aaron@aaron-Satellite-P755:~/Documents/tartest$ ls 
acerbic.odt  backup  biting.odp  piquant  tangy.ods 
aaron@aaron-Satellite-P755:~/Documents/tartest$ tar xpf backup/backup1.tar 
aaron@aaron-Satellite-P755:~/Documents/tartest$ ls 
acerbic.odt  backup  biting.odp  piquant  scathing.txt  tangy.ods  
 Success!  Everything worked as expected.  Now I delete tangy.ods and create caustic.odt, followed by another restore of tartest.
 aaron@aaron-Satellite-P755:~/Documents/tartest$ rm tangy.ods 
aaron@aaron-Satellite-P755:~/Documents/tartest$ touch caustic.odt 
aaron@aaron-Satellite-P755:~/Documents/tartest$ ls 
acerbic.odt  backup  biting.odp  caustic.odt  piquant  scathing.txt 
aaron@aaron-Satellite-P755:~/Documents/tartest$ tar xpf backup/backup1.tar 
aaron@aaron-Satellite-P755:~/Documents/tartest$ ls 
acerbic.odt  backup  biting.odp  caustic.odt  piquant  scathing.txt  tangy.ods
Notice that after the restore, caustic.odt persists. By default, tar doesn't do any comparing. In extract mode, it simply creates every file represented within the archive. An effective backup and restore method needs to keep track of both what should be there and what should not be there.

Listed Backups

Listed Incremental (handle incremental backups based on list FILE)
Function Letter: g
Long Handle: --listed-incremental FILE

I won't address incremental backups yet, but for the moment the important thing to note is that this option changes the behavior of tar so that it uses a list file for comparison, and in extract mode removes the files that shouldn't be there. Observe.

aaron@aaron-Satellite-P755:~/Documents/tartest$ tar cpf backup/backup2.tar \ 
> -g backup/backup2.snar --exclude backup . 
aaron@aaron-Satellite-P755:~/Documents/tartest$ tar tf backup/backup2.tar 
aaron@aaron-Satellite-P755:~/Documents/tartest$ rm biting.odp 
aaron@aaron-Satellite-P755:~/Documents/tartest$ touch snappish.odp 
aaron@aaron-Satellite-P755:~/Documents/tartest$ ls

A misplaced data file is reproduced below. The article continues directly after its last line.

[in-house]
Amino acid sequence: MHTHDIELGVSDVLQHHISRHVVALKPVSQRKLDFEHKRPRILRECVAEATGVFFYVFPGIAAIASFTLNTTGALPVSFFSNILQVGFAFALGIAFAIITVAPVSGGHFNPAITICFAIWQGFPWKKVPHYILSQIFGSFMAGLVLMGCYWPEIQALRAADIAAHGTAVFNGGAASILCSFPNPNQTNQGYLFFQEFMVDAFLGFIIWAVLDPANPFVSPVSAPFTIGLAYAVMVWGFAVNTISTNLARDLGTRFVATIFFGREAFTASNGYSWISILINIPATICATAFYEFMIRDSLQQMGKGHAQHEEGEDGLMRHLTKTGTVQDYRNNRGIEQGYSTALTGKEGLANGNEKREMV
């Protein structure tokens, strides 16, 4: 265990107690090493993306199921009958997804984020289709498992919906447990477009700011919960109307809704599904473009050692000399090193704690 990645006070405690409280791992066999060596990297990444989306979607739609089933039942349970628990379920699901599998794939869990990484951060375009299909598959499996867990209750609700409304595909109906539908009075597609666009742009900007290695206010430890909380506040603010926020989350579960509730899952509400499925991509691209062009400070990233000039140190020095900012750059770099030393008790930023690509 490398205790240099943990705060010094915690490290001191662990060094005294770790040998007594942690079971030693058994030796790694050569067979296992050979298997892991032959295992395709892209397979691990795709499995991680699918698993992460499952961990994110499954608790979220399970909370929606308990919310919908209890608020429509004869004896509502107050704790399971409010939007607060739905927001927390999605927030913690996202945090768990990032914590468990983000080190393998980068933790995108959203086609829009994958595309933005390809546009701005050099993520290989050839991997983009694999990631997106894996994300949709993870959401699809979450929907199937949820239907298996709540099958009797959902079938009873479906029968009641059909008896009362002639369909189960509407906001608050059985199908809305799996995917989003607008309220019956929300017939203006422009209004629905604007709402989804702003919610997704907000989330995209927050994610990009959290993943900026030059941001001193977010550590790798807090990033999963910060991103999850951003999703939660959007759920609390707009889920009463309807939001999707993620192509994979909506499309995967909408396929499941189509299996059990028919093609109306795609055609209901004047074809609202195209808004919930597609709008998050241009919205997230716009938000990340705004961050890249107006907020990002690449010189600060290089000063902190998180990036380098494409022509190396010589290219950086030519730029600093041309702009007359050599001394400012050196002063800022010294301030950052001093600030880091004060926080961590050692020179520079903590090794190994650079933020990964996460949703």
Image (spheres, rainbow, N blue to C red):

acerbic.odt  caustic.odt  scathing.txt  tangy.ods 
backup       piquant      snappish.odp 
aaron@aaron-Satellite-P755:~/Documents/tartest$ tar xpf backup/backup2.tar \ 
> -g backup/backup2.snar 
aaron@aaron-Satellite-P755:~/Documents/tartest$ ls 
acerbic.odt  backup  biting.odp  caustic.odt  piquant  scathing.txt  tangy.ods

Multiple Exclusions

There's another limitation of tar that I've found to be very poorly documented. tar is not very good at accepting multiple --exclude options. I haven't found documentation giving a limit to how many it will accept, and in my experience, the number it accepts is inconsistent. The result of giving too many is that the last --exclude options are ignored with no warnings. When excluding multiple files or directories, I recommend using one or both of the following alternatives.

Exclude-from (excludes files listed in FILE from the archive)
Function letter: X (not to be confused with x)
Long handle: --exclude-from FILE

Exclude-tag-all (excludes all directories containing FILE from the archive)
Long handle: --exclude-tag-all FILE

To demonstrate the Exclude-from option, I've added the file exclusions.txt in the backup directory to exclude the directory piquant.

To demonstrate the Exclude-tag-all option I will add the file backup.excl.tag to the directory backup.

aaron@aaron-Satellite-P755:~/Documents/tartest$ touch backup/backup.excl.tag 
aaron@aaron-Satellite-P755:~/Documents/tartest$ tar cpf backup/backup3.tar \ 
> -g backup/backup3.snar -X backup/exclusions.txt \ 
> --exclude-tag-all backup.excl.tag . 
aaron@aaron-Satellite-P755:~/Documents/tartest$ tar tf backup/backup3.tar 
Both exclude-from and exclude-tag-all have their merits and drawbacks. Exclude-tag-all requires that a tag file be placed in each folder to be excluded. When backing up an entire system, some system directories need to be excluded (to be discussed later), and it's not a good idea to add a tag file in those directories. For those, exclude-from is invaluable. However, there may be directories that one only wants to exclude sometimes. In those cases, those folders may be tagged with descriptive tag files that can be used when appropriate (also to be discussed later).